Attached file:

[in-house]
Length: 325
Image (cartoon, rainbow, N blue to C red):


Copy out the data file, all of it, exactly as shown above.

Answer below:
[in-house]
Length: 325
Image (cartoon, rainbow, N blue to C red):